Portofino. Another schlep! This one in Staatsburg. You drive through a completely rural area and then all of the sudden….hello…there’s a restaurant! Family style Italian. It was good and the waitress was a hoot, but she and the kitchen gave me shit for trying to get a cheeseless eggplant dish, so I dunno.

That was the enjoyment part. Tomorrow I’ll fill you in the real estate bit.

Country Homes Under $200k!

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Oh, this is bad. I just got agent’s access to Dutchess, Orange, Ulster and Sullivan County MLS. My renovations are nearly finished in Brooklyn, summer is near and I don’t have a weekend place. I shouldn’t look. I’m not in the market. But it’s so tempting. Must stop looking…. (But if you want to look at them, maybe I wouldn’t mind taking a drive up with you.)

The house above is a “handyman special”. Those words are music to my ears. For $159k, you can be located right in the Village of Rhinebeck on 2.8 acres. Hello! It’s not a small house either: 2575 total square feet. 1000 of that is unfinished, but the place needs a total rehab anyway. 

Hyde Park short sale for $179,925. An 1850 Colonial on 3.46 acres. The house is 2300 square feet and has a barn! Doesn’t look to be in bad condition.

Village of Millbrook. A 1940 stucco 824 square foot home on hardly any property. Listing price is $180k and the agent says bring in all offers. Ooh, this looks like a nice fixture upper! What better way to spend your weekends in the country than working on your house. I kid, I kid.

This one actually brought tears to my eyes. This house wants some lovin’. Located in The Gunks near the town of Pine Bush, famous for it’s UFO Festival and my mom’s siting of the KKK way back in the early 70’s. (True story. They’re probably long gone by now.) This deliciously scary looking 1820 fixer upper is $198k and sits on 2 acres. Heeerrre’s Johnny!

Leaving the City. Got What it Takes?

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Our moving sale was great! Thanks to everyone who showed up and helped us rid ourselves of worldly possessions. Most of the folks I conversed with were curious as to where we were moving. About 90% were surprised when I told them we’re heading back to Brooklyn. I was informed that we’re heading in the opposite direction of everyone else.

It seems there’s a mass migration to the Hudson Valley again and Beacon is hot at the moment. Good for us, since we want to sell our house. I say, bring it on!

We chose to move back to Brooklyn after six years away for many reasons. The main one is that Hubby has been working in Greenpoint for the past year + and stays in Brooklyn most nights while I live upstate. Just doesn’t make sense.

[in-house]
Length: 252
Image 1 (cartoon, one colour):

But just in case you’re thinking of leaving the city for greener pastures, I’ve compiled a list of questions to ask yourself before making the big move. These factors bothered me, but everyone is different.

1. Food delivery! My husband jokes “What does my wife make for dinner? A phone call.” I don’t cook, I don’t cook, I don’t cook. My mother isn’t much of a cook. I come from a “Let’s order in” family. I think there’s ONE place in Beacon that delivers.

2.  Restaurants. Again with the food. I’m a Jew. We like to eat. The restaurants around here are meh. IMO, there are finer dining establishments further north in weekender territory, but they are too far from Beacon.

3. Sidewalks and bike lanes. Ok, so maybe it’s not such a big deal, but some streets lack sidewalks. I’m sorry, I don’t like walking in the road or on someone’s grass. Although I don’t cycle, there are no bike lanes. Not really a reason not to move up here, but it just bothers me.

4. Everyone all up in your business. Small town life. How quaint. You see the same people. Everyone knows one another. For me, it was charming for 5 minutes. There’s something to be said about anonymous city life and that is “I miss it”.

5. Shop hours. Oh, this is a killer coming from “The City That Never Sleeps”. The Main Street store owners seem to come to work whenever they feel like it. I gave up on many of the mom and pop shops because they were never open when I needed something. Special thanks to Beacon Natural and Artisan Wine who open 7 days per week, normal hours.

6. Strip malls. It’s an inevitable part of suburban life. Face it. If the Main Street shops ain’t helping ya, that’s what’s left. Which brings me to….

7. It’s a car culture. OMG, I used to make fun of people who drive a few blocks. Now I’m one of them! Something you would never do in the city because of traffic and parking. Something I do here because the Main Street shops are so unreliable that I may end up driving to the strip mall.

All of the above being said, there are many pluses to living in the Hudson Valley. How about clean air and fabulous mountain views? Being near the Hudson so you can kayak or sail (We said we would, but hardly ever got around to it). No crowds. Better quality of life. Larger living space and back yard.

It’s really about everyone’s own choice. I grew up with the rat race. As much as I wanted a quieter lifestyle, I feel like a fish out of water here. Do I regret leaving the city? No, it was a lovely vacation. But now it’s time to go home.

2 Cool Hudson Valley Homes for Sale